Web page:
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Wacousta: A Tale of the Pontiac Conspiracy--Volume 3 By John Richardson Characters: 25595

Updated: 2017-12-06 00:03

"It boots not now, Clara, to enter upon all that succeeded to my first introduction to your mother. It would take long to relate, not the gradations of our passion, for that was like the whirlwind of the desert, sudden and devastating from the first; but the burning vow, the plighted faith, the reposing confidence, the unchecked abandonment that flew from the lips, and filled the heart of each, sealed, as they were, with kisses, long, deep, enervating, even such as I had ever pictured that divine pledge of human affection should be. Yes, Clara de Haldimar, your mother was the child of nature THEN. Unspoiled by the forms, unvitiated by the sophistries of a world with which she had never mixed, her intelligent innocence made the most artless avowals to my enraptured ear,-avowals that the more profligate minded woman of society would have blushed to whisper even to herself. And for these I loved her to my own undoing.

"Blind vanity, inconceivable folly!" continued Wacousta, again pressing his forehead with force; "how could I be so infatuated as not to perceive, that although her heart was filled with a new and delicious passion, it was less the individual than the man she loved. And how could it be otherwise, since I was the first, beside her father, she had ever seen or recollected to have seen? Still, Clara de Haldimar," he pursued, with haughty energy, "I was not always the rugged being I now appear. Of surpassing strength I had ever been, and fleet of foot, but not then had I attained to my present gigantic stature; neither was my form endowed with the same Herculean rudeness; nor did my complexion wear the swarthy hue of the savage; nor had my features been rendered repulsive, from the perpetual action of those fierce passions which have since assailed my soul. My physical faculties had not yet been developed to their present grossness of maturity, neither had my moral energies acquired that tone of ferocity which often renders me hideous, even in my own eyes. In a word, the milk of my nature (for, with all my impetuosity of character, I was generous-hearted and kind) had not yet been turned to gall by villainy and deceit. My form had then all that might attract-my manners all that might win-my enthusiasm of speech all that might persuade-and my heart all that might interest a girl fashioned after nature's manner, and tutored in nature's school. In the regiment, I was called the handsome grenadier; but there was another handsomer than I,-a sly, insidious, wheedling, false, remorseless villain. That villain, Clara de Haldimar, was your father.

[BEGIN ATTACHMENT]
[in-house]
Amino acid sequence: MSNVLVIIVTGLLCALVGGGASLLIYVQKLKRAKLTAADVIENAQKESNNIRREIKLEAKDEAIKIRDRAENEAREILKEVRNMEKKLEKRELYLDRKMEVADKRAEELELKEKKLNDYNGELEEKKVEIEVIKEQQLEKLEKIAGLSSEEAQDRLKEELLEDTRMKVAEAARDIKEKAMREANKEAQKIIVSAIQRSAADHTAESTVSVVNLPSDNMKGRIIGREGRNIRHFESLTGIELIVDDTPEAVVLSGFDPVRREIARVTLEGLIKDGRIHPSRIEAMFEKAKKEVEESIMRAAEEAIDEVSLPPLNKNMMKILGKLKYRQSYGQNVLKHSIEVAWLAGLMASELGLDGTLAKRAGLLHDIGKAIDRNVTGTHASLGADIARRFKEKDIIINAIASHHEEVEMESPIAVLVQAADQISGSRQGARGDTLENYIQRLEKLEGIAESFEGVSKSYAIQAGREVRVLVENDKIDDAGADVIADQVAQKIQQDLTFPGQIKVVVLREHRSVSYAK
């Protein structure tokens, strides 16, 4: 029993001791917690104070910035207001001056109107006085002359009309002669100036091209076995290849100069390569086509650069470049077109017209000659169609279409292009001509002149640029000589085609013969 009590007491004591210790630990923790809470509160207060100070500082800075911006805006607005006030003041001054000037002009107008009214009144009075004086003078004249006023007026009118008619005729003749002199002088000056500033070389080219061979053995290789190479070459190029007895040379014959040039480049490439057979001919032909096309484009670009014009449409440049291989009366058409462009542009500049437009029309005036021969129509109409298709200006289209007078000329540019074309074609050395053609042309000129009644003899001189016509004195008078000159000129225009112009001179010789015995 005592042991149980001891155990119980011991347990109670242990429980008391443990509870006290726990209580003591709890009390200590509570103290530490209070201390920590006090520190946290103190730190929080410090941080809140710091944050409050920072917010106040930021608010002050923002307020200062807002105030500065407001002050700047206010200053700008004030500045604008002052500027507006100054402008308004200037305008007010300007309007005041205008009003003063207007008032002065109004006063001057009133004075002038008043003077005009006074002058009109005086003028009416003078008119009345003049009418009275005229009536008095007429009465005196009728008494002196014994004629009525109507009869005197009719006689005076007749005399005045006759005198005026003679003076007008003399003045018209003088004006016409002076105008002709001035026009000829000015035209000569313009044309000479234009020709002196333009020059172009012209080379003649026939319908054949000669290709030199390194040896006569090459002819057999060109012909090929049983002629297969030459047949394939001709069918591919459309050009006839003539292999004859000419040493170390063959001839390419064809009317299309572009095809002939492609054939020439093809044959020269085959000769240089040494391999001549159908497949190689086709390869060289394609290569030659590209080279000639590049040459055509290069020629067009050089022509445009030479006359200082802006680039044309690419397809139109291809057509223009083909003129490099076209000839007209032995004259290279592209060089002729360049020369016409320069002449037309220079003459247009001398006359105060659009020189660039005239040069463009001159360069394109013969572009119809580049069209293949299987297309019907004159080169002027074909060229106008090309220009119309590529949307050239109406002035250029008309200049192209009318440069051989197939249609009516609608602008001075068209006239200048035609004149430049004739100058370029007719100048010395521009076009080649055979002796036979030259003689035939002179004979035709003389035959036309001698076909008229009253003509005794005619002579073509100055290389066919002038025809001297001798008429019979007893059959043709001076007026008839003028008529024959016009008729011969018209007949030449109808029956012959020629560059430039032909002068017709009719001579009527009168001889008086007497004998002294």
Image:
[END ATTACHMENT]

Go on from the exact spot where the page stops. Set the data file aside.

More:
"But wherefore," continued Wacousta, chafing with the recollection, "wherefore do I, like a vain and puling schoolboy, enter into this abasing contrast of personal advantages? The proud eagle soars not more above the craven kite, than did my soul, in all that was manly and generous, above that of yon false governor; and who should have prized those qualities, if it were not the woman who, bred in solitude, and taught by fancy to love all that was generous and noble in the heart of man, should have considered mere beauty of feature as dust in the scale, when opposed to sentiments which can invest even deformity with loveliness? In all this I may appear vain; I am only just.

"I have said that your mother had been brought up in solitude, and without having seen the face of another man than her father. Such was the case;-Colonel Beverley, of English name, but Scottish connections, was an old gentleman of considerable eccentricity of character. He had taken a part in the rebellion of 1715; but sick and disgusted with an issue by which his fortunes had been affected, and heart-broken by the loss of a beloved wife, whose death had been accelerated by circumstances connected with the disturbed nature of the times, he had resolved to bury himself and child in some wild, where the face of man, whom he loathed, might no more offend his sight. This oasis of the mountains was the spot selected for his purpose; for he had discovered it some years previously, on an occasion, when, closely pursued by some of the English troops, and separated from his followers, he had only effected his escape by venturing on the ledges of rock I have already described. After minute subsequent search, at the opposite extremity of the oblong belt of rocks that shut it in on every hand, he had discovered an opening, through which the transport of such necessaries as were essential to his object might be effected; and, causing one of his dwelling houses to be pulled down, he had the materials carried across the rocks on the shoulders of the men employed to re-erect them in his chosen solitude. A few months served to complete these arrangements, which included a garden abounding in every fruit and flower that could possibly live in so elevated a region; and; this, in time, under his own culture, and that of his daughter, became the Eden it first appeared to me.